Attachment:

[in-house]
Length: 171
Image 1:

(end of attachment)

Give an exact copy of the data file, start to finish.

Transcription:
[in-house]
Length: 171
Image 1: